Parents are used to receiving the quarterly report card, informing them how their child is performing in school.
But, how about a report card on how the school is educating your child?
The state Department of Public Instruction will roll out its new School Report Cards beginning next week. It’s a new accountability system that allowed Wisconsin to earn a waiver from meeting certain 2014 requirements of No Child Left Behind.
Data was released to schools earlier this month, but has been embargoed to allow districts to vet them for errors. The reports are set to be released the week of Oct. 22.
Under the new system, schools will be graded in these areas:
- Student achievement in reading and mathematics on state assessments.
- Student growth measured by year-to-year improvements in achievement.
- Closing gaps in performance between specific student groups.
- Progress to graduation/post secondary readiness using reliable predictors of high school graduation and post-secondary success.
Schools will receive scores using a 0 to 100 scale, corresponding with five categories starting at Fails to Meet Expectations" and topping out with "Significantly Exceeds Expectations."
The scores will be detailed in an 18-page report on each school. The DPI scoring uses last year’s data.
The DPI will recognize top performers as “rewards schools.” Struggling schools will be required to start interventions and develop improvement plans.
The new system is part of state Superintendent Tony Evers' Agenda 2017 program, aimed at better preparing students for college and the workforce in Wisconsin, and improving high school graduation rates. The program includes changes in the way of how teachers are evaluated and student achievement is measured. In short, student achievement is measured more rigorously.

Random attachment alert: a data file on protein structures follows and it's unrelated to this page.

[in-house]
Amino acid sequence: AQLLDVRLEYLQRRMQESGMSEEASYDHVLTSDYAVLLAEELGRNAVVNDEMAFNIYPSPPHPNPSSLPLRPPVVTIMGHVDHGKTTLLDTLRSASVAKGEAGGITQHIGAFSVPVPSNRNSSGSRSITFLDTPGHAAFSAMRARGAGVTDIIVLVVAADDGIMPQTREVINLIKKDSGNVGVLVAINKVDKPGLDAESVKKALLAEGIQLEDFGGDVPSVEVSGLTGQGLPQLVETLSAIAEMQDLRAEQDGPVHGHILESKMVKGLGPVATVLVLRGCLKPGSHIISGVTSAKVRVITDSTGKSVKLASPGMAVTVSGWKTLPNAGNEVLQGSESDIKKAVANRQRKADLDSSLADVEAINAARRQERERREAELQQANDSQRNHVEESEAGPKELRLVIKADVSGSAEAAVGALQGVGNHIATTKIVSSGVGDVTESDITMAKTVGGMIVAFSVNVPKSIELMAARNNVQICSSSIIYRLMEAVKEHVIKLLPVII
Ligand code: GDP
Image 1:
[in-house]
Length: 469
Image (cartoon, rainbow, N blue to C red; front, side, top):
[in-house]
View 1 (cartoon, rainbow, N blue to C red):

“This report card will be rating our district (and all the districts in the state) on newer and tougher national standards," Whitnall Superintendent Lowell Holtz wrote in his annual message to the district. "This is something the Whitnall School District has been looking forward to for years as we increase our efforts to compete on a national and global level.
"On this new “report card,” our achievement scores will appear to have dropped although they really stayed the same or improved. They are just being measured on a different standard.
"Why would the state institute such a change? What was good enough for our students to learn 20 years ago is no longer “good enough" for our students to be successful today. For our students to learn what they need to be successful, we need to raise the bar and have higher expectations."
Wisconsin is among 32 states across the country creating . Under the exemption, the state is released from meeting a 2014 deadline requiring 100 percent of students be proficient in reading and math.